Problems of Archaeology, Ethnography, Anthropology of
Siberia and Neighboring Territories

ISSN 2658-6193 (Online)

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2019 Volume XXV

DOI: 10.17746/2658-6193.2019.25.103-108

УДК 903.08 + 7.031

Paleolithic Sculpture from Denisova Cave

Derevianko A.P., Shunkov M.V., Fedorchenko A.Yu., Kozlikin M.B.

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In 2019, a unique zoomorphic sculpture made of mammoth ivory was discovered in the Pleistocene deposits of layer 11 in the South Chamber of Denisova cave. The analysis of morphology, technology and iconography has made it possible to interpret the figurine as sculptural animal representation - a feline from the Pantherinae subfamily. It has been established that the technology for producing the zoomorphic sculpture included several stages: search and transportation of raw materials, cleaning the tusk from the cement layer, soaking, carving the blank, giving the initial shape to the figurine by planing, final grinding and polishing, and making ornamental decoration. Trace analysis of the sculpture has revealed general undifferentiated non-utilitarian wear associated with functioning of the artifact in the cultural context of the Paleolithic inhabitants of the cave. This type of wear often occurs on non-utilitarian objects when they are carried in human hands, contact with other objects or are transported. The main features of the figurative canon of the sculpture find no parallels among the three-dimensional images of mammoths, bisons, horses, and birds known in the Upper Paleolithic of Eurasia. It bears the greatest resemblance to the sculptures of Pleistocene lions from Vogelherd cave in Southwestern Germany, as well as cave images and engraved artifacts from the Franco-Cantabrian region. The microscopic analysis has revealed traces of red pigment on the sculpture, located mainly on the right side and abdomen of the figurine. The presence of traces of mineral pigment on the sculpture was most likely caused by deliberate application of paint during the manufacturing or in the process of performing ritual actions.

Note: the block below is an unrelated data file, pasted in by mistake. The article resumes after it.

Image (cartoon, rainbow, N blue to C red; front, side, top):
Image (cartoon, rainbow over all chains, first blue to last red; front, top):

Russian Altai, Denisova cave, experimental trace analysis, technological analysis, Initial Upper Paleolithic, tusk processing technology, sculpture

Chief Editor
Academician A.P. Derevyanko

Deputy Chief Editor
Academician V.I. Molodin

17, Аkademika Lavrentieva prosp., Novosibirsk, 630090, Russia
Institute of Archaeology and Ethnography of the Siberian Branch of the Russian Academy of Sciences

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